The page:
Elizabeth McKenna examines Brazil's "coup in three acts," which ousted Dilma Rousseff and installed Jair Bolsonaro.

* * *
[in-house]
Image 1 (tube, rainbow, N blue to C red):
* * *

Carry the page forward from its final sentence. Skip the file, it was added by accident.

Brazil is not for beginners, the saying goes. This much-repeated turn of phrase implies that a certain insider status is needed to understand the contradictions for which Brazil is famous: the communist party governor who praises capitalism; the women’s party made up of men; inequality levels that increase and decrease simultaneously, depending on how you measure them. After the dramatic arrest of Brazil’s larger-than-life former president Luiz Inácio “Lula” da Silva on April 7, 2018, journalist Antônio Prata wrote: “The reality is that since [the mass protests in 2013, Brazil] is not even for the initiated. It will take years — perhaps many — to understand the meaning of what is going on.”